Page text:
The Warangal area is home to grand forts, ancient and magnificent temples, and lush green sanctuaries teeming with wildlife, Warangal is a scenic getaway to spectacular examples of Kakatiya art and architecture. The city was the capital of the Kakatiya kingdom from the 12th to 14th centuries. While the Warangal Fort remains the centerpiece of the city with its amalgamation of beautiful arches and intricate geometrical detailing, there are many temples that are fine specimens of South Indian architecture. The picturesque city is also famed for hosting a nine-day-long annual floral festival called Bathukamma.
Getting There: By Air: Rajiv Gandhi International Airport, in Hyderabad, is the nearest airstrip, about 160 kilometers away. By Road: Warangal Railway Station is well-connected with most cities in India. By Train: Good roads connect Warangal with other towns and cities in India.
Sight Near Warangal include Ramappa Lake and Temple (45 miles), an artificial lake and 13th century temple with black basalt statues of gods and goddesses; Kolanupaka (43 miles), a 2,000-year-old Jain temples with a four-foot-high jade statue of Lord Mahavira; and Nagarjunakonda (90 miles), a reservoir that flooded an important archeological site with viharas, sacrificial altars and monasteries (important finds are found in the Nagarjunakonda museum. There a number of other lakes and resorts in the area. Waterfalls and the Eturnagaram Wildlife Sanctuary, make it an ideal launchpad to explore nearby tourist destinations.
Glorious Kakatiya Temples and Gateways was nominated to be a UNESCO World Heritage site in 2014. According to a report submitted to UNESCO: The fort of Warangal referred to as Orugallu, Orumgallu or Ekasilanagaram in the inscriptions and literature rose to prominence, when it was the capital of Kakatiya kingdom during the reign of Ganapati Deva Maharaja (1199-1261). The group of temples and temple complex related structures in Warangal of Kakatiyan empire, signify a distinct architectural pattern, style and technology of the period and representative of the distinct regional style, exhibiting local innovation in temple building tradition and establishment of a prominent temple of Ramappa during 1213 by General Recherla Rudra, during the period of the Kakatiya ruler Ganapati Deva. The representative temples and temple complexes include Archaeological remains of Swayambhu temple and Keerthi Thoranas at Warangal fort, Rudreswara Temple, locally known as Veyi Sthambala Gudi (Thousand pillars temple) at Hanumakonda and Rudreswara (Ramappa) Temple, which is located about 65 kilometers from Warangal. [Source: Permanent Delegation of India to UNESCO]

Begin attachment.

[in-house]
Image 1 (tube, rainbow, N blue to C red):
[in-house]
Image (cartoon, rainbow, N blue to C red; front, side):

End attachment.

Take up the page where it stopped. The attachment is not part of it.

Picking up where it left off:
“Though most of the temples are characterized and evolved from later Chalukyan style of temple architecture and decoration, all the temples, and temple complexes of Kakatiyas have a distinct style, technology and decoration exhibiting the influence of Kakatiyan sculptor. Trikutaalyas and the sculptural art and decoration specific to the time and Kakatiyan Empire are the main justifying components for the Outstanding Universal Value. Keerthi Thoranas is another example of distinct style of Kakatiyas for the gateways to temple complexes, unique only to this region and testimony to highly evolved proportions of aesthetics in temple and town gateways in South India. The Thoranas demonstrate both a creative masterpiece, and a continuity and transformation through interchange of cultural values like that of Buddhist art traditions from 2nd Century B.C. to 11th Century. The initiative and a deviant path of experimentation of skill over dolerite by the Kakatiya sculptors continued to be used by subsequent Vijayanagara artists.